Learning from Lockdown: Science
I for one will be so pleased to see the back of lockdown learning. We can understand that! As we head back into the classroom en masse, it would be easy to dwell on the negatives of the lockdown. However, it would seem some teachers and school leaders have noticed a few silver linings that they hope to incorporate into a new forward-looking approach to teaching and learning.
Interesting – like what? Lockdown has by necessity led to rapid advances in remote learning technology, and in recent research, Ofsted found that many school leaders “expressed a desire to retain some aspects of their remote education provision when their schools return to ‘normal’ modes of teaching.” This might include, for example:
- Using video lessons to provide teacher cover
- Making use of remote learning to support “anxious or excluded students off site or in other on-site learning areas”
- Using pre-recorded lessons to help pupils cover lessons missed due to illness
- Providing remote teaching and learning provision for snow days, long periods of absence due to pupil illness, holidays, interventions for over and underachievement and even INSET days
- Setting homework online
- Continuing to support pupils in the development of independent learning skills
- Supporting pupils with SEND, using different platforms to cater for different requirements
- Continuing to improve the “digital proficiency” of staff and pupils
- Continuing the strong communication and the resulting relationships with parents, carers and families of pupils
Wow, that’s a lot of potential silver linings! But what opportunities has remote learning presented for teaching science? A survey completed by the Royal Institute in September 2020 highlighted some positives for science teaching that came from the first lockdown. Many teachers felt they might want to implement at least some of the following going forward:
- Using Google Classrooms to design family-friendly science projects
- Incorporating more creativity into lessons
- Developing online contact with pupils and families
- Removing peer pressure and enabling quieter pupils to build confidence through digital learning
- Using online resources to stimulate and challenge pupils
- Encouraging pupils to embark on ‘home investigations’
- Giving pupils the “freedom to work at their own speed”
We would additionally suggest that using video clips to offer clear instruction for children may enhance and complement your science offering. This, in addition to the now widely available online CPD offerings, may also to help address gaps in teacher subject knowledge and/or low confidence.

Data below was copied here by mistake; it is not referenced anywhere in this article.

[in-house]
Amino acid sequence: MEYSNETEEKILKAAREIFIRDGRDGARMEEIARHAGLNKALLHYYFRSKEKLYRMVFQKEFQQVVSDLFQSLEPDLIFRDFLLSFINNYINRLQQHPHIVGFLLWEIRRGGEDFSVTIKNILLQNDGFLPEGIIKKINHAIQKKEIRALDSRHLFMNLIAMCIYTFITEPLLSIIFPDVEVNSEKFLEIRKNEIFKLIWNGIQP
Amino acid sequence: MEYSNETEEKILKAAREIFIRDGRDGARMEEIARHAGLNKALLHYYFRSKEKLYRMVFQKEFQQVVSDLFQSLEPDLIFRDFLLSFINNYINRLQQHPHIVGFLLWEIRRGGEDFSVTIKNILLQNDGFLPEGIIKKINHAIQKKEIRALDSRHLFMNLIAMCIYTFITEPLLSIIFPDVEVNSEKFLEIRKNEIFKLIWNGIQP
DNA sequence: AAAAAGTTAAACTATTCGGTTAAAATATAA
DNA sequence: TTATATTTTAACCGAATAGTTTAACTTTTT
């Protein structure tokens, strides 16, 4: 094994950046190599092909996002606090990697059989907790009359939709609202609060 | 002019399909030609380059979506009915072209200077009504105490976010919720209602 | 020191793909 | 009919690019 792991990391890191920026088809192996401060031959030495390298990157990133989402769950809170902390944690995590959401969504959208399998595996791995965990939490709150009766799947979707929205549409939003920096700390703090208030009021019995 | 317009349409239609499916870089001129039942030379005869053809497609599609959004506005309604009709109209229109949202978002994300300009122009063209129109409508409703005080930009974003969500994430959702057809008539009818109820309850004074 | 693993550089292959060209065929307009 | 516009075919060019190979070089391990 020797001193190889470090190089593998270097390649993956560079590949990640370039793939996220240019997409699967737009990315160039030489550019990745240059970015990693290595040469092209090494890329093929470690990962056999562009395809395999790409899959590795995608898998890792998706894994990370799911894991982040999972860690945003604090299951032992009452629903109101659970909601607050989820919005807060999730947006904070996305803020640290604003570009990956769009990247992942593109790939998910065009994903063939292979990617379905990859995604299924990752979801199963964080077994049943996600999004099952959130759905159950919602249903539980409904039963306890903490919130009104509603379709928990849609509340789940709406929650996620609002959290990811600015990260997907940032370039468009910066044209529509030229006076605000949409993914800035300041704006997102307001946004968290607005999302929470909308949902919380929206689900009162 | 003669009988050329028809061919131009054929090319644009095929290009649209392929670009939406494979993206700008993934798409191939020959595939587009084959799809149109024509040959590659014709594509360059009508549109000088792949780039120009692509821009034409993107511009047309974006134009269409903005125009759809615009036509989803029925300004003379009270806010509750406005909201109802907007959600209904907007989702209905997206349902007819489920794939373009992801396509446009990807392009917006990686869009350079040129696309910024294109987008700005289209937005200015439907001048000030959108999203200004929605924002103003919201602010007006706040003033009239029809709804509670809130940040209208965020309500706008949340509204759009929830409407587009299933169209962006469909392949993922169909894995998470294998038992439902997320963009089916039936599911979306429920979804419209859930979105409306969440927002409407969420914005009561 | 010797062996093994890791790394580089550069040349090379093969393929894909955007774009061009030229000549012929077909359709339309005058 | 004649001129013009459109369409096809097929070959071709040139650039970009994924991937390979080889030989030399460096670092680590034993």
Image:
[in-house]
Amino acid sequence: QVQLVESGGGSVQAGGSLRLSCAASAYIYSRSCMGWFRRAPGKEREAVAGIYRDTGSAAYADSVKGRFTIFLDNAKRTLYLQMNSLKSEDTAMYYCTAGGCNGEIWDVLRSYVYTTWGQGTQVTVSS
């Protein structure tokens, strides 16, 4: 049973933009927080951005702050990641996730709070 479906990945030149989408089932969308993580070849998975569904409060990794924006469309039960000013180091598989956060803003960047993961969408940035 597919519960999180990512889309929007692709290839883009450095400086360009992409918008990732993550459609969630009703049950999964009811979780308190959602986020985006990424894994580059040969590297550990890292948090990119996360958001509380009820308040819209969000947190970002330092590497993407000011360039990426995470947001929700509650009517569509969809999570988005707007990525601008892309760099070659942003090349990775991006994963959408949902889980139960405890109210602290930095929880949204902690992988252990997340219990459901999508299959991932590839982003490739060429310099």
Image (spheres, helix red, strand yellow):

In a nutshell… Enjoy having more children back in school, but make sure you learn some lessons from your lockdown experiences.
ADDED APRIL 2021
We explore the world of budgets and include some useful tips and links to get your spending on track.
ADDED JAN 2021
We explore Ofsted’s subject deep dive and include sample questions for subject leaders.
ADDED DEC 2020
We enter the world of floorbooks, exploring the pros and pitfalls of using them in science.
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ADDED OCT 2020
We explore possible options for remote science learning where bubbles and individuals are self-isolating.
ADDED FEB 2021
We explore possible approaches to science week – both in school and remotely.
UPDATED OCT 2020
While calls for a more diverse curriculum are not new, events this year have brought the issue back sharply into focus. We explore ways to make a meaningful, lasting change to our science curricula, embedding diversity, and actively decolonising the curriculum.
ADDED AUG 2020
With a new academic year on the horizon, we explore ways to keep D&T firmly on the timetable, alongside the practicalities of running a full D&T curriculum in a COVID-safe fashion.
ADDED MARCH 2020
We explore the pros and pitfalls of creating progression documents for science, including examples from both organisations and schools.
ADDED JAN 2020
We explore the direct instruction vs discovery learning debate, looking to recent research on the knowledge-rich approach primary science.